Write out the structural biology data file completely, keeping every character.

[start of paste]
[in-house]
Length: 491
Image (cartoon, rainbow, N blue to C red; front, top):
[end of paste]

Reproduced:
[in-house]
Length: 491
Image (cartoon, rainbow, N blue to C red; front, top):